or in another domain, a little piece of bone allows to describe a
              whole dynosaurus, the firm reconstruction of a pericopae allows to
              warrant the existence of an unknown document.

              So even if what we may reconstruct from an "unknown source" is only
              a few fragments, they may ever belong to a complete hypothetical
              gospel, that was internally consistent and well structured, although
              the structure is not evident today.

              ** But more over, we have many example of defaults in structure in
              old documents. What is the structure of Gospel Thomas ? Even for the
              canonical, the structure acknowledged by scholars are not allways the
              same. So the argument from structure looks particularly weak.


              > (aa2) there must be a plausible motivation for its composition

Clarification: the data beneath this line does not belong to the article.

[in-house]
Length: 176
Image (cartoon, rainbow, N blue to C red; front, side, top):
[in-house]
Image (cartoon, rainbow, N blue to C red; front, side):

There was many plausible motivations for the composition of
              the cannonical gospels. There is no exclusivity for the canonical
              upon these motivation : any unknown gospel may have been
              written with exactly the same motivation as known gospels.


              > (aa3) there should be a plausible Sitz im Leben for its production

              We may say here the same critics as for (aa2) : the roman empire
              was great enough to insure many different places where different
              gospels may have appeared, in the same social Sitz im Leben than